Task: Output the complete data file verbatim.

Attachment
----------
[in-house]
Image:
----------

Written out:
[in-house]
Image: